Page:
The 1999 album Emotion is interesting for its varied track list, ranging from the often-modulating rock song “Do What You Do” to the old-school feel of Matraca Berg and Randy Scruggs’ “Anything’s Better Than Feeling the Blues.” Against a landscape of fiddles and snare drums, “This Uncivil War” (by Gretchen Peters, composer of “Independence Day”) uses battlefield fighting as an analogy for family strife.

    McBride got a chance to record a song by someone she’d long admired, Patty Griffin. “Goodbye” finds McBride using a breathy version of her voice to express loneliness and regret, leaping up to pitches that fade off into the ether.

     

    Going back to basics with classic country numbers, 2005’s Timeless proved to be another big success for McBride. She tapped into Nashville’s motherlode of great songs by artists like Johnny Cash, Tammy Wynette, Buck Owens, and Loretta Lynn. Country fans must have been hungry for a return to the genre’s roots.

    McBride shows her mastery of traditional country vocal phrasing. Despite the potential power of her voice, she doesn’t over-sing. That self-control – emotional understatement – is an important element of early country recordings. You can hear it on her version of Don Gibson’s “Today I Started Loving You Again.”

     

    There were some important career developments for McBride on her 2007 album Waking Up Laughing. For one thing, it was the first record she produced by herself. It was also to include her compositional efforts after decades of only singing other people’s songs. She is listed as co-writer on two of the songs, including the hit single “Anyway” which she composed with Brad and Brett Warren.

    Her other songwriting contribution is also a collaboration with the Warren brothers, called “Beautiful Again.” The song is an interesting paradox, the music giving the illusion of brightness and optimism while the lyrics tell of layers of intense struggle in a woman’s life and the hope that keeps regenerating in her in spite of those challenges. McBride clearly tapped into the factor that most drew her to country music in the first place: its knack for storytelling.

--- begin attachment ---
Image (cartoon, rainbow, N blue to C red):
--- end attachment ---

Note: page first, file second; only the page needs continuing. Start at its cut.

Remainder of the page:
Having left RCA, McBride jumped around smaller labels, including having her own label for a while. Her 2016 studio album Reckless came out on the boutique label Nash Icon, which has a tiny but exclusive artist list: McBride, Reba McIntire, Hank Williams, Jr., and Ronnie Dunn. The album reached No. 2 on the country charts; it’s a testament to the depth of a performer’s fan base when they stay devoted for her entire career.

    Hailey Whitters wrote “Low All Afternoon” and had recorded it herself. McBride’s version is more sorrowful, less angry.

     

    McBride’s most recent release was 2018’s It’s the Holiday Season; there will likely be another studio album soon. Meanwhile, she’s the subject of an exhibition by the Country Music Hall of Fame Museum, Martina McBride: The Power of Her Voice. It celebrates the singer’s “substantive, socially aware country music” and “anthems of personal empowerment.” Country music has come a long way, thanks to artists like Martina McBride.

     

    Header image courtesy of Red Light Management.

    5 comments on “Martina McBride: Empowered By Country Music”

    1. Two of the three “conservatives” that were name-dropped aren’t textbook conservatives, but rather the new breed of carnival barkers. And the third one that used “Born in the USA” as a patriotic rally song?

      And history keeps repeating itself; the right wing rallies continue to use left-wing music (most music is left-wing, so they are naturally hamstrung). Every couple of years conservatives are shocked, shocked I tell you, to find out Rage Against the Machine, Twisted Sister, The Village People, Elton John, Bruce Springsteen, Creedence Clearwater Revival, Neil Young, Dropkick Murphys, Jackson Browne, R.E.M, Survivor, Foo Fighters, John Cougar Mellencamp, Van Halen, ABBA, Tom Petty, Al Green, Heart, Journey, Sting, Bobby McFerrin, Don Henley, Boston, Talking Heads, Rush, and countless others are entirely against conservatives.

      Even John Denver was against moral majority overreach.